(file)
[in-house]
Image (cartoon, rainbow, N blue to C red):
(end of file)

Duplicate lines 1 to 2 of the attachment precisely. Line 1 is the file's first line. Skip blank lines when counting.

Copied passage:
[in-house]
Image (cartoon, rainbow, N blue to C red):